Fakultät für Chemie, Technische Universtität München (Germany)
Local Project ID:
HPC Platform used:
SuperMUC of LRZ
A team of scientists of the Technische Universtität München employed an instantaneous steady-state approximation to present steady-state reactivity data from kinetic Monte Carlo (kMC) simulations in the form of an interpolated data field as boundary conditions for the computational fluid dynamics simulation.Their goal was to test the capability of the code in managing complex computational domains, thus allowing for the first time to extend kMC simulations to geometries and conditions relevant to technological applications.
The worldwide rapidly growing demand for more efficient and sustainable exploitation of energy and material resources puts catalysis higher and higher up on the research agenda. New and improved catalysts are needed to deliver security of supply and industrial competitiveness. In particular, the rational design of new materials and processes requires the full and detailed understanding of the chemical reactor, which represents a key-component in many aspects of every-day life (from the production of important chemicals in large scale plants to the catalytic exhaust converters in cars).
In this respect, integrating first-principles kinetic Monte Carlo simulations (kMC) into the framework of computational fluid dynamics (CFD) is a crucial prerequisite. From a numerical point of view, a direct coupling between kMC and CFD is unfeasible especially for complex and realistic geometries, given the huge difference in characteristic times.
In order to overcome this, a team of scientists of the Technische Universtität München employed an instantaneous steady-state approximation to present steady-state reactivity data from kMC simulations in the form of an interpolated data field as boundary conditions for the CFD simulation. By means of this general methodology, the researchers integrated first-principles kMC simulations into the powerful CFD solver catalyticFoam for simulations of complex catalytic reactors . Supercomputing power, such as provided by Petascale HPC system SuperMUC of the Leibniz Supercomputing Centre in Garching near Munich was crucial to test the capability of the code in managing complex computational domains (with millions of cells in the numerical domain), thus allowing for the first time to extend kMC simulations to geometries and conditions relevant to technological applications.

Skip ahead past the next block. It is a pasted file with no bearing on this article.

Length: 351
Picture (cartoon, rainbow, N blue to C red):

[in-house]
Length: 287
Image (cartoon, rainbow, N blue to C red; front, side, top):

By the analysis of several geometries and real conditions, the scientists demonstrated the intricate coupling of the reactive surface chemistry and flow that significantly modifies the observable catalytic function. On the whole, the developed approach establishes an accurate, well formalised, and fully integrated multiscale framework that roots in a first-principles description of the catalyst and includes all larger-scale aspects up to the full reactor in an ideal seamless flow from atoms to eddies . Such a tool will be of direct use for the development of new reactor and reaction concepts for advanced energy and chemical applications.
 M. Maestri, A. Cuoci, catalyticFoam, (2011-2014), www.catalyticfoam.polimi.it
 S. Matera, M. Maestri, A. Cuoci, K. Reuter, Predictive-quality surface reaction chemistry in real reactor models: Integrating first-principles kinetic Monte Carlo simulations into computational fluid dynamics, ACS Catalysis, 4 (2014) 4081–4092
Dr. Christoph Scheurer
Technische Universtität München, Fakultät für Chemie